Desire

Susan Sontag almost correctly observed that it is in Buddhism that human consciousness reaches its zenith. My admiration for Buddhism arises from its capacity to dissolve the harshness of the world. Reading Nagarjuna turned out to be one of my greatest spiritual exercises. A simple sentence of Nagarjuna that “as long as you are able to distinguish Moksha (salvation) from samsara (world ) you are in samsara”, toppled me over. Schopenhauer found in Buddha what he could not see in Christ; a holy pessimism. Buddhism provides strong edifice to fall apart. Buddha embodies the stillness that ebbs in the deepest corner of the universe.
Tears and smile differentiate Jesus and Buddha. Buddha smiles after the realisation that everything is folly and illusion. Buddha’s advise is to laugh away your wrinkles and pain. Jesus cries after the realisation that nothing is still folly, nothing is still nothing.
Jesus is not as bold as Buddha, Jesus allows some sort of consolations in his either/or, but Buddha burns away the ships of returns. Jesus and Buddha advocate the kingdom of heaven. Jesus would say: search for the kingdom of God and everything will be added to it. Buddha would say: search for the kingdom of God then you would need anything else. here lies the boldness and negation of Buddhism.
But Buddha was afraid of desire, he saw desire as a fire that swallows up everything. And desire is sorrow. If you want to alleviate your pain, root out your desire. It is where Buddha turns me away.
What is the problem with desire?
Desire is the another name of our instinct. When we are destroying our desires we are uprooting our instincts. sure, we need to curb our animal instincts, the instinct to murder and exploit. but if we loose our instincts, we are good for nothing. Buddhism has a strange acrimonisity to self. It believes that self is an enemy of love. But christianity sees differently, love doesn’t destroy the self but restores. Nirvana is a plunge into a selfless ocean. Resurrection is a restoration of your divine self.
You cannot love without yourself. God is not only Agape(selfless love). God is Eros, the love that desires the other self. God sustains the world in sexual love.
According to Alain Badiou, it is this love that desires that puts us in a truth process. In this truth process you become a some-one, a himself who “thus caught up in what attests that he belongs to the truth-process as one of its foundation points is simultaneously himself, nothing other than himself, a multiple singularity recognisable among all others, and in excess of himself, because the uncertain course of fidelity passes through him, transfixes his singular body and inscribes him, from within time, in an instant of eternity”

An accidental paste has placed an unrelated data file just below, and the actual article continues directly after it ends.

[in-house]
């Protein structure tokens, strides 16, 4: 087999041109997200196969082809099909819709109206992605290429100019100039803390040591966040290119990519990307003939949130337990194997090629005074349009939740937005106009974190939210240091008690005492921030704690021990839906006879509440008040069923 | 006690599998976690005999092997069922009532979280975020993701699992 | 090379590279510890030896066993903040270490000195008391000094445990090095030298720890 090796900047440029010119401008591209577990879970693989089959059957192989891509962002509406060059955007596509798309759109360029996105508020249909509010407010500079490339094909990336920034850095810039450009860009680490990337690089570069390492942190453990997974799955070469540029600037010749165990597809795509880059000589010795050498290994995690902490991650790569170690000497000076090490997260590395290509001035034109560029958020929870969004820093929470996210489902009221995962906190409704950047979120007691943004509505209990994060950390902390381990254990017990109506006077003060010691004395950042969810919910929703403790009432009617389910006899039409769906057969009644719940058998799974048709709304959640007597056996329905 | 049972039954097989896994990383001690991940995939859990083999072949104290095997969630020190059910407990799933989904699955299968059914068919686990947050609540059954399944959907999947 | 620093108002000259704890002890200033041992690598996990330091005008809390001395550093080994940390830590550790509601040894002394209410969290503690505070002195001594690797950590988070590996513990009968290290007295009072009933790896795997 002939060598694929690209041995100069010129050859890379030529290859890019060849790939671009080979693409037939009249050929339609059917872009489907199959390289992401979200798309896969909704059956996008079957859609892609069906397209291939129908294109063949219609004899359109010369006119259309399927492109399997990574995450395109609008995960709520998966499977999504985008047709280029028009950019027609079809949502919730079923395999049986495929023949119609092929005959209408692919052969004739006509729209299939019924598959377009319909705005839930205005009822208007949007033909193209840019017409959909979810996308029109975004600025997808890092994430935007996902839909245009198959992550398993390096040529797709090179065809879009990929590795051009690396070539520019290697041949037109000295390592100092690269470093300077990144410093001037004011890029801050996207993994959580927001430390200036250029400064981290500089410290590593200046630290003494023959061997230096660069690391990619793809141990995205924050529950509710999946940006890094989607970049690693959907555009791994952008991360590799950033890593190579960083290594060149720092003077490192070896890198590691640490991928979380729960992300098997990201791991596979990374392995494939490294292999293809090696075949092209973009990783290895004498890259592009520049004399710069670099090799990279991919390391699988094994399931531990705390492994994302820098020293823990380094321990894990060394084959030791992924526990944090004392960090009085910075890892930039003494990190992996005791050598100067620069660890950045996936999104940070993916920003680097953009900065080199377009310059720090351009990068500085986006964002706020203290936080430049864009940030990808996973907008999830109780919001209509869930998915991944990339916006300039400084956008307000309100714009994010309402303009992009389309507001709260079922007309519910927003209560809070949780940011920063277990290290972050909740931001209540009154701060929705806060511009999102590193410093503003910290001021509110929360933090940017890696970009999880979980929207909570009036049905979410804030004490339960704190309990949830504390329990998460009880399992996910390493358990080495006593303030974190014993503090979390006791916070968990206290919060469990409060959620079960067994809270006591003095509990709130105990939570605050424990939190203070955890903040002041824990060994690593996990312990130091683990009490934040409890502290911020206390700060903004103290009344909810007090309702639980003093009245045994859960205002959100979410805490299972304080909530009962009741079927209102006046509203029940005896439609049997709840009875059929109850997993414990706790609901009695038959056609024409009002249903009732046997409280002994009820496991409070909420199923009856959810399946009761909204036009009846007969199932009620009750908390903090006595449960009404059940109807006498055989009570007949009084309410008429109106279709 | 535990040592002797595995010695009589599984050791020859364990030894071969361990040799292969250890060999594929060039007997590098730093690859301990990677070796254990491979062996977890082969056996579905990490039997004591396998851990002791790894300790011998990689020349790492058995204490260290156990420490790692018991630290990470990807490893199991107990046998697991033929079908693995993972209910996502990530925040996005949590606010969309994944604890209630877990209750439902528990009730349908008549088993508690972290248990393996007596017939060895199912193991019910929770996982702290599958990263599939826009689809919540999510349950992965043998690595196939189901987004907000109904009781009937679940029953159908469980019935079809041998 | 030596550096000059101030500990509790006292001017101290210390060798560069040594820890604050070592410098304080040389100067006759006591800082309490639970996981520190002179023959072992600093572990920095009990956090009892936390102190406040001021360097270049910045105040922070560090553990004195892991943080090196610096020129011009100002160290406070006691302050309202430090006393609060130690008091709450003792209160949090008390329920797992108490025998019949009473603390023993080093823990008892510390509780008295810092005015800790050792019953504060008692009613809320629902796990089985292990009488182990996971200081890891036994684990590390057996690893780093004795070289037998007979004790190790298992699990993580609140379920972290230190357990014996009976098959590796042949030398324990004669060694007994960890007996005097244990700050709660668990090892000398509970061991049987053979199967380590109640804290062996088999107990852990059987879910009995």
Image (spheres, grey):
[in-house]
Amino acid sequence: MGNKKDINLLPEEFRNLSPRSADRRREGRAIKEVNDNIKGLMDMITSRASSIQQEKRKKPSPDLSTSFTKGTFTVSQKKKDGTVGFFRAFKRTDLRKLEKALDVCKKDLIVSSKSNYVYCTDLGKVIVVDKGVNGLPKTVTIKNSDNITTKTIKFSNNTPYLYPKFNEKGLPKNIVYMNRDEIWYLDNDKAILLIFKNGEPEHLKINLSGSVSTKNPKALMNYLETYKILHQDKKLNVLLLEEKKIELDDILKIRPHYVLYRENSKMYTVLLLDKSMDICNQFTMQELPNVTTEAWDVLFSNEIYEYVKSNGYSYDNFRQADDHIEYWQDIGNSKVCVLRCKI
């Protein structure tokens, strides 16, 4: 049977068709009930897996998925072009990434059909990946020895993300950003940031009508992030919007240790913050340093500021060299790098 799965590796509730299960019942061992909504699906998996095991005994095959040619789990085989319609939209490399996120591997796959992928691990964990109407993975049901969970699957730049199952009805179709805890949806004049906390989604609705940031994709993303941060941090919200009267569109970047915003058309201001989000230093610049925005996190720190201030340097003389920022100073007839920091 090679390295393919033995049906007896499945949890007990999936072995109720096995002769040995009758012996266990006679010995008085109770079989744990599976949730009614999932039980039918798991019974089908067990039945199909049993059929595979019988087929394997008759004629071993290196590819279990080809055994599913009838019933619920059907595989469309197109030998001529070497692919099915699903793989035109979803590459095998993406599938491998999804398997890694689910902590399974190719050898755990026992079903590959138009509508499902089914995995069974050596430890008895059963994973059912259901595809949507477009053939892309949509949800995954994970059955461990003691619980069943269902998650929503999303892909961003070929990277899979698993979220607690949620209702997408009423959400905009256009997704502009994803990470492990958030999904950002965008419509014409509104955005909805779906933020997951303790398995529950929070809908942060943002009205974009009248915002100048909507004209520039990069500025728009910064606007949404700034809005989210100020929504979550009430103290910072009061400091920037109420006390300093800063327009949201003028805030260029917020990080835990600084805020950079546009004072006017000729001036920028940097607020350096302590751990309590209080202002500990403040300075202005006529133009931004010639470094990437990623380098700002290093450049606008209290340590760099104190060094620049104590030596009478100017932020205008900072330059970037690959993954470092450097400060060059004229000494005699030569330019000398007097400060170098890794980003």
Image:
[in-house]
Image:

You can be yourself only by dissolving yourself in love. Alain would say “the manner in which our lover will be entirely ‘himself’ in the sustained testing of his inscription in a subject of love”

When you get yourself out to reach the horizon to involve in an artistic creation or a mathematic solution or in a love, you are becoming some-one in a truth process. It is made possible by your desire. Alain Badiou clarifies the ethical maxim of Jacques Lacan: “do not give up on your desire”. According to Lacan desire is the basic element of unconsciousness. it is what we don’t know of ourselves. so ‘do not give up on your desire means “do not give up on that part of yourself that you do not know” Alain after examining the role of fidelity that is charged by desire spells out his ethic of truth: “Do all that you can to persevere in that which exceeds your perseverance. Persevere in the interruption. Seize in your being that which has seized and broken you”
So, desire is a seizure. Something sizes you, an art, mathematics, poetry or a love and you are in event. You cannot escape from this seizures, because it is what your unconscious thirsts. It is what your desire is.
Desire is not man’s weakness. Lacan Writes with much enthusiasm to fortify us “Desire, what is called desire, suffices to prove that it would make no sense for life to create
cowards”

Alain Badiou ( born 17 January 1937) is a French philosopher, formerly chair of Philosophy at the École Normale Supérieure (ENS). Badiou has written about the concepts of being, truth and the subject in a way that, he claims, is neither postmodern nor simply a repetition of modernity.

Lacan, Jacques (1901–81), French psychoanalyst and writer. A notable post-structuralist, he reinterpreted Freudian psychoanalysis, especially the theory of the unconscious, in the light of structural linguistics and anthropology.

The Space

then I began to love the space.
the space that exists between people,
where there no people, God, nothing.
it is less than nothing, still more than everything.
I thirsted for this emptiness, this eeriness.
I want to touch it, taste it, die it.
but how to touch what is not there, what has no life?
sometimes in the night,
when all the lights are gone,
when the sky is closely shut
I felt its coldness inside my heart
and a murmur behind my shadow.
I know its trying to occupy my heart,
overtake my shadows.
suddenly a shrill went through my spines!
what i will be?
what I will be?
after a cloth?
after a dim?
after a silence?
after a lost?
perhaps, nothing is loveable and loathsome.
everything is mercury and neon light
everything is pyramids and ribbon knots
by the time you reach, you delivered in to a surprising dance,
all whirls and rhythms and spinning.
you just don’t remain,you are looped into dissolve.